Scary Dragon or Cuddly Panda? Why Role Change Matters for Hegemony in Asia

20 September 2019, 0857 EDT

The following is a guest post by Dr. Daniel Nicholls. Daniel Nicholls is an adjunct professor of IR at ESADE and the Pompeu Fabra University in Barcelona. His research looks at the interplay between relational structures, roles and hierarchy.  

In an interesting piece on the Japan-South Korea spat in Foreign Affairs, Bonnie S. Glaser and Oriana Skylar Mastro argue that by failing to mediate the dispute between the keystones of its Asian alliance system, the US risks losing regional influence to a fast-moving and wily China. In short, if Washington doesn’t jump in as a relationship counselor, then China will. Whilst the arguments are couched in terms of diplomacy and strategy rather than IR theory, it doesn’t take an elbow-patched journal editor to spot the clear theoretical subtext of political influence as a consequence of relational ties and role-structures.

In line with network approaches, if China can intensify relational ties around itself, it will pull US allies towards it, leaving the US relationally isolated, at least in relative terms, and this will affect Washington’s scope for influence. It is, after all, difficult to convince people of your worth when they’re all listening to someone else, and by buddying up with its East Asian neighbors, China will be more involved in decisions on who does what in the region. US security guarantees are still highly coveted, so nobody is likely to start turning down dinner invitations from their neighborhood security guarantor just yet. But Asian states do find it increasingly difficult to square their desire for US security with their quest for Chinese market access, and Washington’s aloof approach to intra-regional dynamics may generate switching effects which nudge its dazed allies a bit further down the road towards China’s embrace.

Who has access to whom is not only relevant for bargaining games and direct influence, perhaps what is more important is how shifting relational configurations might be used to develop new role-structures. As Glaser and Mastro observe, China is pushing a role for itself as a benevolent peace broker and facilitator of free trade within Asia, which complements the role it is alter-casting onto Japan and South Korea as squabbling children who need the guiding hand of a helpful Beijing to reorder their fractious relationship. This sends out a message to the wider region that the US is an unreliable alliance leader and that the future of a peaceful and prosperous Asia requires an increasingly willing China to step up and provide low-cost regional public goods.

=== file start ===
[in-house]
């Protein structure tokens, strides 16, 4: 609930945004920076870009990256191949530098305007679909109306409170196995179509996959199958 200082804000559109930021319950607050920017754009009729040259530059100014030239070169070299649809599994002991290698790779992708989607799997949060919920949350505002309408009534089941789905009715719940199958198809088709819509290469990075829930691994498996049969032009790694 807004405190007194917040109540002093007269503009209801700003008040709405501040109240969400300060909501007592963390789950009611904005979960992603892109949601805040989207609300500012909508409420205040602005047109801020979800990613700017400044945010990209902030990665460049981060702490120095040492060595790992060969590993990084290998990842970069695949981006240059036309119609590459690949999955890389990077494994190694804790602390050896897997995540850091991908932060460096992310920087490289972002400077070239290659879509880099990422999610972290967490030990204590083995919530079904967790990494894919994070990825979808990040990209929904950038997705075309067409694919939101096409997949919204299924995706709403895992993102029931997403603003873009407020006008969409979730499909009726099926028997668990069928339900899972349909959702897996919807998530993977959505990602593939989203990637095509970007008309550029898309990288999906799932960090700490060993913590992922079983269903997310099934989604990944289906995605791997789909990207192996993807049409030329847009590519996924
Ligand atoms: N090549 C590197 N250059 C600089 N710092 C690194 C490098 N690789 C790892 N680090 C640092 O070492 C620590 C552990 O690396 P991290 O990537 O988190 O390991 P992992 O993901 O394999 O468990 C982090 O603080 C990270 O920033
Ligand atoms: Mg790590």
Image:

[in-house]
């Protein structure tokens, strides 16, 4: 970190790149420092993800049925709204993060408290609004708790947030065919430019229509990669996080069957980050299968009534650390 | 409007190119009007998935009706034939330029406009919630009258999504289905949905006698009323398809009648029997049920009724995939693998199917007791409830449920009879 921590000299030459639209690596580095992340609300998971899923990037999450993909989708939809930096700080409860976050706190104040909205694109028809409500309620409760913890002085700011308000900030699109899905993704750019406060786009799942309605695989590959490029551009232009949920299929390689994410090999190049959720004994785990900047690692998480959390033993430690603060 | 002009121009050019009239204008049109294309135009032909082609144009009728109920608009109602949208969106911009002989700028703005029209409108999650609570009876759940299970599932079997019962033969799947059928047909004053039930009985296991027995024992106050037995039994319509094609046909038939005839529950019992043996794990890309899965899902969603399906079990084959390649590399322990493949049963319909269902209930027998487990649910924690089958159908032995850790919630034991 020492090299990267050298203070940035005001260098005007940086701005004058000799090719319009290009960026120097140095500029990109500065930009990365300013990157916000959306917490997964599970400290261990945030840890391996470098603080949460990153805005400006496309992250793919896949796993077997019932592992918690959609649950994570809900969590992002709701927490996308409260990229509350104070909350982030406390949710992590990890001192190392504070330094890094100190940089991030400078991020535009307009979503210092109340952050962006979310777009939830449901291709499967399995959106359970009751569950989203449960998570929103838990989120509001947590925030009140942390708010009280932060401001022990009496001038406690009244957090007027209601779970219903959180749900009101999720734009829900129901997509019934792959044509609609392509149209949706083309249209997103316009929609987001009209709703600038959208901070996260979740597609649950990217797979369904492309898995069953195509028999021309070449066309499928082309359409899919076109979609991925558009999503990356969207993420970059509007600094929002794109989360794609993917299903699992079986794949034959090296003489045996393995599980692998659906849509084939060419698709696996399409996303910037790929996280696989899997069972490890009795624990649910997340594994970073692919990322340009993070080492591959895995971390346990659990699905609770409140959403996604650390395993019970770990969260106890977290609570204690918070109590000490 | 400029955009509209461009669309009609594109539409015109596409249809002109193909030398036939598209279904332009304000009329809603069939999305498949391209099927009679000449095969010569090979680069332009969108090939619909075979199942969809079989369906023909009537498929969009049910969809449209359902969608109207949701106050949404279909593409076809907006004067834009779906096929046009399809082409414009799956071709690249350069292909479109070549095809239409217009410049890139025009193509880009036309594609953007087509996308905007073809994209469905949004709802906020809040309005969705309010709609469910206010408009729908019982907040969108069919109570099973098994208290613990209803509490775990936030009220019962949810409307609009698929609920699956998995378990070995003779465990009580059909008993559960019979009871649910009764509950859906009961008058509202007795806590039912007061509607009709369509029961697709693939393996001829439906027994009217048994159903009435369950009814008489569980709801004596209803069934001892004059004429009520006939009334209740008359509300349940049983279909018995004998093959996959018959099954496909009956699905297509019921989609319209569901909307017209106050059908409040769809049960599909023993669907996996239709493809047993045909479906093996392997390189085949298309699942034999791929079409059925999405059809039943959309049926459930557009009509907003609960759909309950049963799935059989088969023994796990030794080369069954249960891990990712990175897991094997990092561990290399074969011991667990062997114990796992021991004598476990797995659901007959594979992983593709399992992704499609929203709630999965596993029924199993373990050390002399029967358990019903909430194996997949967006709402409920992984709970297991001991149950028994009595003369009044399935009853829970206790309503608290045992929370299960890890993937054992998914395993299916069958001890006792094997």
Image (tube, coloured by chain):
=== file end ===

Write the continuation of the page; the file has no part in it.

In his fascinating work on role-development, McCourt argues that there are three main processes through which roles are generated. Role-taking refers to an actor taking into account what its ‘significant others’ consider to be the range of appropriate roles for it to take on in a particular context. Role-making is a more internal process whereby states try to manage the development of a particular (accepted) role in line with their goals and show how their actions tie in with this. And alter-casting refers to the creation and projection of roles onto others in order to give meaning and purpose to one’s own role. As role-bargaining is highly dependent on the perceptions and influences of others, the way in which actors are connected to their ‘others’ is incredibly important. If Asian states start to slowly edge away from the US, and if Beijing can manage regional tiffs in such a way that it keeps its periphery sparsely interconnected, China may find itself at the centre of a system of relational ties where it can use its central position to control discursive flows, role-making itself into a ‘selfless peacemaker’ and ‘promoter of regional economic growth’, and alter-casting dependent sidekick roles such as ‘needy fight-picker’ and ‘economic laggard’ onto others. As China would be the only significant ‘significant other’ for its fellow Asian states, it would be able to develop role-structures through asymmetric bilateral ties to suit its (open secret) goal of uncontested regional hegemony.  

As I argue in a recent piece, a secondary effect of these role-structures is the social locations they assign. Actors with executive roles such as ‘provider of social order’ or ‘responsible mediator’ enjoy not only special functions to carry out these roles but also privileged status as socially and/or morally advanced authority-bearers. And actors with dependent roles, such as ‘security consumer’, ‘irresponsible economic governor’ or ‘regional troublemaker’ will internalize their lower social location as rightly corresponding to their low levels of social development, meaning that positions of advantage and authority become naturalized and structural. So the stakes of regional relationship management are dramatic and allies should not be miffed lightly. Of course, while North Korea continues to fire off existential threats, the effects of this will be limited and gradual. But if Beijing can rein in and co-opt Kim Jong-un, then we may see Asian states sidling up to China with a newfound vigor. As, although regional peers bristle at the prospect of Chinese hegemony, Beijing has sneakily dressed up its intentions in a language of cozy multilateralism, and swapping one hegemon (who’s undergone an unwanted role makeover) for another (with purported good-guy intentions), especially where there are shared value systems in play, may turn out not to be such a great leap.